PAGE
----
Huygens Spots Methane Fog On Saturn’s Moon Titan

Titan is a moon shrouded in mystery. Despite multiple flybys and surface exploration conducted in the past few decades, this Cronian moon still manages to surprise us from time to time. In addition to having a dense atmosphere rich in hydrocarbons, which scientists believe may be similar to what Earth’s own atmosphere was like billions of years ago, it appears that methane is to Titan what water is to planet Earth.

In addition, methane fog was also observed by the Cassini space probe back in 2009 as it conducted a flyby of Titan. But recent findings by a team of researchers from York University indicates that the Huygens lander also detected fog during its descent towards the surface in 2005. This evidence, combined with the data obtained by Cassini, have helped to shed light on the weather patterns of this mysterious moon.

In a paper that appeared in arXiv on March 14th, Dr. Christina Smith – a postdoctoral researcher from York University’s Center for Research in Earth and Space Sciences (CRESS) – described how the Huygens probe’s Side Looking Imager (SLI) obtained information that has since been analyzed to identify potential atmospheric features. These features show that Titan experiences meteorological phenomena which were not previously known.

Pictures of fog on Titan, taken by the Huygens probe as it descended towards the surface. Credit: ESA/NASA/JPL/University of Arizona

In total, the team looked over 82 SLI images, which were all taken after the lander reached the surface. These were then calibrated, processed and examined for signs of atmospheric features. Of these, six showed evidence of an extended horizontal feature that differed in radiance from what was predicted at higher and lower regions. No other discernible features were detected.

The team concluded that this feature most likely originated from the presence of a fog bank close to the horizon that rose and fell during the period of observation. This indicated that it had recently rained in the area, which was a rather surprising find. Much like the observations made in 2009, the presence of methane fog shows that Titan has an active methane hydrological cycle.

In essence, this means that methane on Titan is subject to the same transfer process as water is here on Earth. Basically, liquid methane on the surface evaporates and is exchanged with the atmosphere, where it condenses to form fog banks and rain clouds. As Christina Smith told Universe Today via email:

“We initially set out to see if we could see features such as clouds from the Huygens SLI data, but the features we found don’t seem to be consistent with clouds and more likely are caused by a fog bank rising and falling over the time of observation. Fog had been seen before from orbit but never from the surface of Titan – this is what makes this work so exciting. This work is also a great example of how new insights and new findings can be made from “older” data sets.”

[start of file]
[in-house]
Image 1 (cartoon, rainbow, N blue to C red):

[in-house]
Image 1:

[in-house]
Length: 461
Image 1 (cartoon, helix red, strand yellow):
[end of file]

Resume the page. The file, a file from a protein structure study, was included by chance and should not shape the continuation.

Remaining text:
Cassini data showing fog around Titan’s southern polar region in 2009. Credit: Mike Brown/Caltech

Looking over this old data for the sake of making new discoveries was made possible, in part, because of the ongoing investigations conducted by Martian rovers and their respective science teams. Brittney Cooper – an undergraduate research assistant at CRESS and the second author of the paper – explained via email:

“We applied a technique of image analysis developed by Mark Lemmon for use with the Mars Exploration Rovers that was adapted by John Moores for use on the Mars Phoenix lander mission. This analysis method allowed the faint, barely observable atmospheric features captured by the Huygens’ probe Side Looking Imager (SLI) on Titan to be amplified and more easily discerned.”

For years, scientists have understood that on Titan, methane is analogous to water. It exists in liquid form (especially around the north pole where several large methane lakes exist), and in gaseous form in the atmosphere. However, what they did not know was whether or not there was an active cycle, where liquid methane on the surface was replenished through evaporation, condensation, and rain.

But this evidence, combined with the Cassini probe data, shows that on Titan, there is an active transfer process between the liquid methane and the atmospheric methane. And where atmospheric humidity reaches 100%, methane fogs will form. Just the latest in a long line of fascinating discoveries to emerge from this mysterious moon!

Further Reading:
Matt Williams

Matt Williams is a space journalist and science communicator for Universe Today and Interesting Engineering. He's also a science fiction author, podcaster (Stories from Space), and Taekwon-Do instructor who lives on Vancouver Island with his wife and family.

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